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Special Kids Delight

Tuesday, October 31, 2017
By Amarendra Dhaneshwar

‘Vande Mataram' is respected as a national song. A national song is distinct from the national anthem. 'Vande Mataram' has been unnecessarily caught up in a totally avoidable controversy. Originally penned in 1850s by the Bangla poet/writer it has only two stanzas. Later on the song became a part of the novel ' Anandmath' which is considered to be a classic.

Bankimchandra added three more stanzas which were relevant to the theme of the novel which depicted the conflict between the Muslim Zamindar and Hindu sharecroppers. It was Ravindranath Tagore who sang the ode to the motherland in a Congress session way back in 1895. It became a war cry during the anti partition struggle waged by the Bengal nationalists and revolutionaries. Unfortunately, the Muslims of East Bengal were in the opposite camp and they misconstrued 'Vande Mataram' as being anti- Muslim.

This anti song bias was exploited by Mohammed Ali Jinnah in 1937 when he wanted to raise the pitch in favour of the proposed Pakistan. Mahatma Gandhi was quick to appoint a committee to enquire whether the song contained any anti Muslim sentiment under the chairmanship of Ravindranath Tagore and the Tagore committee unequivocally stated that only the first two stanzas of the song should be sung. Political parties like the Hindu Mahasabha, Jansangh and now the BJP do not follow the recommendation of the Tagore committee.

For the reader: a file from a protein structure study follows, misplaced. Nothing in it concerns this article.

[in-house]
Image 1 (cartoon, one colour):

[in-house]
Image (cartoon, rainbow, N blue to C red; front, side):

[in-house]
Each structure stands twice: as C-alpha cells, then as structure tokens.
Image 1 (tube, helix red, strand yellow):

One was reminded of the unfortunate controversy as one sat listening to 'Vande Mataram' being played by Vishwa Mohan Bhatt on his mohan veena at the Savarkar Smarak Auditorium. Classical musicians of the stature of Vishnu Digambar Paluskar, Omkarnath Thakur, Master Krishnarao, Mogubai Kurdikar and many others have sung 'Vande Mataram' on discs. They not only appreciated the deep devotion for the motherland that the song inspired but also tried to interpret and reflect it through their own singing. Bhatt's song was in the raga 'Des' and it had that expected intensity which was quite moving. He also played the raga 'Bihag' with professional expertise. Durjay Bhowmik who accompanied him on the tabla is exceptionally brilliant. His strokes has as much clarity as had force. Nabanita Chowdhury, a senior pupil of Rajan and Sajan Mishra, sang the raga 'Puriya Dhanashree' very well. The Benaras idiom was evident in her singing. She also sang a thumri in 'Shivrankjani'. The programme was organized by the Delhi based 'Nadd Foundation' which seeks to work for special children. Aarati Nagarkar (vocal) and Pratibha Kamath (sitar), both special kids, gave a good account of themselves. Prasad Padhye, Pandurang Pawar and Nupur Kulkarni on the tabla, Sangeet Mishra on the sarangi and Milind Kulkarni on the harmonium gave superb support to the performing musicians. The programme was supported by the Union Ministry of Culture.

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